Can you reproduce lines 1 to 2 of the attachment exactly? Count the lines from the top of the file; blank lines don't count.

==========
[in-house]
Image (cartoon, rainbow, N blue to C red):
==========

[in-house]
Image (cartoon, rainbow, N blue to C red):